The Calgary Journal
The Calgary Journal

Young politicians in Alberta say despite Jason Kenney’s recent dig at youthful candidates, they remain undeterred.


Earlier this month, a video surfaced where Kenney, the leader of the United Conservative Party, called out an NDP opponent for his age at a fundraising event.

“Their star candidate to take on [UCP candidate] Peter Guthrie is a 19-year-old,” Kenney said in the clip while the audience laughed. He added, “Now don't take it for granted because they elected a lot of them last time.”

Kenney was wrong about the candidate’s age. Steve Durrell is 29 and says Kenney’s personal dig at him fueled his conviction that more young people are needed in politics.

“It's the fact that he thought that a person's age or that a young person is getting involved in politics is worthy of a punishment of a cheap laugh,” Durrell said.

“I would hope that leaders in our province would want to see that diversity that reflects what is in Alberta.”

Kenney has not responded to the Calgary Journal’s request for comment on the recent remarks made.

At 22, Rachel Timmermans, Kenney’s only competitor in the Calgary Lougheed riding, saw the video when it surfaced on Twitter.

“I kind of thought we were past that in our society. I think that especially in the last few years we've seen that young people aren't just young, stupid, meant to sit around and wait until they're old enough to make decisions,” Timmermans said.

As the youngest member of the Alberta Party, Timmermans said she was disappointed with the commentary, adding that she has never faced ageism or sexism in her political pursuits.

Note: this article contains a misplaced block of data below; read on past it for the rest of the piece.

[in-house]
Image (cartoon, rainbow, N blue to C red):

“Part of why I originally started running and what I really wanted to show was that anybody could do this,” Timmermans said.

But breaking into the industry can be especially difficult for young politicians, said political science professor Lori Williams.

“Well, there’s no question anywhere — they aren’t taken seriously. The assumption is because they don’t have political experience, they aren’t qualified to function in certain areas,” Williams said. 

Rachel Timmermans wants to take the focus away from age, and focus on giving “people something to vote for, not vote against.” Produced by Rayane Sabbagh.

The Mount Royal University professor added that many young people don’t participate in politics of any kind such as voting or coming out to campaign events because they don’t see themselves represented.

“If you don’t see yourself either represented in the system or taken seriously by the system then it’s understandable that they tend to detach,” she added.

Williams interpreted Kenney’s comment as dismissive of young people and their ideas, which has the potential to push them away from making a difference through politics.

“It tends to give the impression that young people don’t have a voice that is important to be heard or don’t have experience that’s important to be considered.”

Despite that, Timmermans appears confident.

She said she is excited to be door-knocking even in the -30 C weather and is focusing on the things she can control.

She said she thinks she has a shot against Kenney, and said if she wins, the first thing she would do is, “Probably call my mom.”

Editor: Alannah Page | This email address is being protected from spambots. You need JavaScript enabled to view it.